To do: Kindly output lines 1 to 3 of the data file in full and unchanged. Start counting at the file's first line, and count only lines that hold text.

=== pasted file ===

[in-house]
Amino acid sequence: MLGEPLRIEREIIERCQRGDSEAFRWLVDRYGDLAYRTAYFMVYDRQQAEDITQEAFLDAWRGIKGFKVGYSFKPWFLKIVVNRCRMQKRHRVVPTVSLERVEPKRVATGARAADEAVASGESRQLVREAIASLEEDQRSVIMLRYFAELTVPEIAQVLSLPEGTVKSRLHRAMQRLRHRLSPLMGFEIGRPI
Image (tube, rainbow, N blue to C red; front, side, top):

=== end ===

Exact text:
[in-house]
Amino acid sequence: MLGEPLRIEREIIERCQRGDSEAFRWLVDRYGDLAYRTAYFMVYDRQQAEDITQEAFLDAWRGIKGFKVGYSFKPWFLKIVVNRCRMQKRHRVVPTVSLERVEPKRVATGARAADEAVASGESRQLVREAIASLEEDQRSVIMLRYFAELTVPEIAQVLSLPEGTVKSRLHRAMQRLRHRLSPLMGFEIGRPI
Image (tube, rainbow, N blue to C red; front, side, top):